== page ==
Bonding with the Babies
Just as learning to take care of your babies takes time, getting to know who they are doesn't always happen right away, either. In fact, it may take a few days to master the most basic information: which one is which! After all, even fraternal twins can look alike at first. To avoid confusion, don't remove your babies' hospital ID bands until you're sure who's who.
Of course, you may not have this problem if one of your multiples is still in the intensive-care nursery. In this case, dividing your time between hospital visits and home can make life more stressful and bonding harder.
Tending to the needs of two newborns at once may mean that you don't fall in love as instantly as you were expecting. But this is completely normal. The more you get to know your babies as individuals, the closer and more connected you will feel to each of them, says family and child therapist Eileen Pearlman, PhD, author of Raising Twins (HarperResource). Try to notice what's unique about each one, such as the way your daughter curls her lip before she cries or the way your son startles when he hears noises.
It's also important to treat your babies like distinct individuals so they begin to see themselves that way too. Giving your babies names that rhyme or sound alike may seem cute, but experts advise against it. They need to have their own special names that are not built on someone else's, says Pearlman. It's also a good idea to talk to them individually and refer to them by name, rather than as "the twins." As your babies get older, make sure they have their own clothes and special toys.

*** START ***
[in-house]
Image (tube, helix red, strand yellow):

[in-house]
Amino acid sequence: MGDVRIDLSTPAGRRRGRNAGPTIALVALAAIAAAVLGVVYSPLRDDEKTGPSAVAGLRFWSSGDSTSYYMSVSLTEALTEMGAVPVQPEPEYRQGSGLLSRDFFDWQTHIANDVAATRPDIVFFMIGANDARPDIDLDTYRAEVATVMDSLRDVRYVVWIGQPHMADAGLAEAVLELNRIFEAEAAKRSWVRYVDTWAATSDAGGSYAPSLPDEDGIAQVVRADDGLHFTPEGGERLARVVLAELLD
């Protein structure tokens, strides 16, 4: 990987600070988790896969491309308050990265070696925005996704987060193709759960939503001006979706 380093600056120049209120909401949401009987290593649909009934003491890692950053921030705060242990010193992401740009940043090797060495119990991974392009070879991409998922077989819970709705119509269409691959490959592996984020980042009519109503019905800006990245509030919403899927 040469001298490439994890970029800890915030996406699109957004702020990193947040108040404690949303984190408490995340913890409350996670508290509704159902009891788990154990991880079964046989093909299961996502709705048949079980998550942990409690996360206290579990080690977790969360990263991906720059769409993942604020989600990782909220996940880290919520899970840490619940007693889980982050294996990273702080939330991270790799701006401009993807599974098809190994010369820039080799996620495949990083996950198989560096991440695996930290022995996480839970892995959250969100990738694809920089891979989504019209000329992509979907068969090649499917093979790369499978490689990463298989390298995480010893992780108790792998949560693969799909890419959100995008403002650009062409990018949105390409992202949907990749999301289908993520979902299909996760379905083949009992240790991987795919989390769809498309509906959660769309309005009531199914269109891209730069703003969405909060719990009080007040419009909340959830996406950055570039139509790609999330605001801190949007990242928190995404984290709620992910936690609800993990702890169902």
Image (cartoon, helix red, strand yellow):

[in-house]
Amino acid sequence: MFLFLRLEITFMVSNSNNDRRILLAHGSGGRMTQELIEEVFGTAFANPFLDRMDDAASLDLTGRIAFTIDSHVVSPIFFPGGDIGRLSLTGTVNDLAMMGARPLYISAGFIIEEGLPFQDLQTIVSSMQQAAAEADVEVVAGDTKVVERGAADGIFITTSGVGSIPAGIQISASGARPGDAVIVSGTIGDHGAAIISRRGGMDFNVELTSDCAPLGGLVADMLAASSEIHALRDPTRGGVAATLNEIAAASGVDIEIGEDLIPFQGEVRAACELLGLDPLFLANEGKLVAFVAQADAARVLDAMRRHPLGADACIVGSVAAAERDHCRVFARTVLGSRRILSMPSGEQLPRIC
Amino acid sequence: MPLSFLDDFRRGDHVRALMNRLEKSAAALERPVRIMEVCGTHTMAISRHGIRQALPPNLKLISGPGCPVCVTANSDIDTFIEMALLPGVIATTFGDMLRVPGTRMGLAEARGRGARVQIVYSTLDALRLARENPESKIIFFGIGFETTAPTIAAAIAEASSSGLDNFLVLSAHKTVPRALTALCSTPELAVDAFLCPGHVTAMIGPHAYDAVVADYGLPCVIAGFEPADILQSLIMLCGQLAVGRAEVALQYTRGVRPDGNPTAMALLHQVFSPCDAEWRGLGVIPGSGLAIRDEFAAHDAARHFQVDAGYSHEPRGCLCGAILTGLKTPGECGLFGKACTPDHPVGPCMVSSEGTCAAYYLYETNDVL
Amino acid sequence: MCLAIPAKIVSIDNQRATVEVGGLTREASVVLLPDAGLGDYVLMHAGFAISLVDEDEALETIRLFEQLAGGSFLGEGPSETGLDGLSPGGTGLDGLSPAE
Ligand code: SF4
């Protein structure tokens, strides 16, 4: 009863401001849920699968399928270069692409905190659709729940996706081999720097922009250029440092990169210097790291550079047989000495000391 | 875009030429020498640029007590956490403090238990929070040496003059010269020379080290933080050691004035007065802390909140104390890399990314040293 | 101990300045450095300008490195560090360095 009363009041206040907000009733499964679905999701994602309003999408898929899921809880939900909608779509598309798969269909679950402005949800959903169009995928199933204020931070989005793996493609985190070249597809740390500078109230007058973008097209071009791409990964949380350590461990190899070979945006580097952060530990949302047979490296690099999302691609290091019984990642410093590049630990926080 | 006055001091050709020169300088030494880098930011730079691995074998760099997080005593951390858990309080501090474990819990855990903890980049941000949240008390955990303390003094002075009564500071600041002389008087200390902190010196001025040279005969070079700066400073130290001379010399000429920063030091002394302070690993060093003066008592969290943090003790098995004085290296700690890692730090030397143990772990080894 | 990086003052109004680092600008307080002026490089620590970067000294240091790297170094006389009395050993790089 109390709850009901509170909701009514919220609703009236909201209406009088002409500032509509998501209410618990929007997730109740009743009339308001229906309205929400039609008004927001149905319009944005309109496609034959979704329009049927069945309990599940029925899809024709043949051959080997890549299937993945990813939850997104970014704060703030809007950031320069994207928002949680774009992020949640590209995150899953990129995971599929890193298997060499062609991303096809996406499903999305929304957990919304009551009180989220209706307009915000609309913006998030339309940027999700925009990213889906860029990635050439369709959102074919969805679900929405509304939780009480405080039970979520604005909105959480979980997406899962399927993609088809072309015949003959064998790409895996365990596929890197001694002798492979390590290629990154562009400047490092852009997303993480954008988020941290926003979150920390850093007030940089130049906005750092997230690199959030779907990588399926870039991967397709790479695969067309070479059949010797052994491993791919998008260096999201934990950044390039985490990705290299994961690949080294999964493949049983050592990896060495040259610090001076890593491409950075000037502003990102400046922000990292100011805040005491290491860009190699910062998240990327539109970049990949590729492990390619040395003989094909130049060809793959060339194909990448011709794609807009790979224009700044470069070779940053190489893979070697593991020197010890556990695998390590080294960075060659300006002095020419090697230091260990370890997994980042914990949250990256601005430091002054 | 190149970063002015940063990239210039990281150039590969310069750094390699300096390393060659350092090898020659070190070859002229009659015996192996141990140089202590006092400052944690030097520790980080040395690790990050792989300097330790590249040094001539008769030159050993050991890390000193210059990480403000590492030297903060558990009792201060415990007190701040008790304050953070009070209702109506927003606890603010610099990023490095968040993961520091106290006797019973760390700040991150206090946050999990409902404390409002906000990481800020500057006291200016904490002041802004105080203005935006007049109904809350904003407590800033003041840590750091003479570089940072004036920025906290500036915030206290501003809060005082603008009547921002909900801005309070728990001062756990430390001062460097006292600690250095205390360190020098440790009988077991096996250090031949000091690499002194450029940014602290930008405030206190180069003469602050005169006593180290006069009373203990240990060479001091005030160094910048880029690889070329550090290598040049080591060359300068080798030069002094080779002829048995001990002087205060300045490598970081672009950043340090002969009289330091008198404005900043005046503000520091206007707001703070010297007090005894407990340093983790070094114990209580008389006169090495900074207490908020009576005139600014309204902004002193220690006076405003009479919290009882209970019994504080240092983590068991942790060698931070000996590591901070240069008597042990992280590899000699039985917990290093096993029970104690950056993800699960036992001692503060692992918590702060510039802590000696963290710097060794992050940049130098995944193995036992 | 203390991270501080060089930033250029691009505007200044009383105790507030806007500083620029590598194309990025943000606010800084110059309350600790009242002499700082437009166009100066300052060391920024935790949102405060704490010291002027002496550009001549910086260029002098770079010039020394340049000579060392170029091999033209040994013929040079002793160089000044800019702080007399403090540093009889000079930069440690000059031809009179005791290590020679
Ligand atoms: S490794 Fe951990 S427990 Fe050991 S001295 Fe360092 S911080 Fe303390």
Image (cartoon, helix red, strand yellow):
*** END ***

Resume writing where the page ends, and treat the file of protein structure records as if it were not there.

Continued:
While raising multiples can make you feel like you're at the center of a three-ring circus, you will become more adjusted to them with each passing day, and they will reach milestones that make life easier -- such as sleeping through the night and holding their own bottles. Twins may be double the work, but they're also double the love, hugs, and kisses!
Originally published on AmericanBaby.com, May 2003.
All content here, including advice from doctors and other health professionals, should be considered as opinion only. Always seek the direct advice of your own doctor in connection with any questions or issues you may have regarding your own health or the health of others.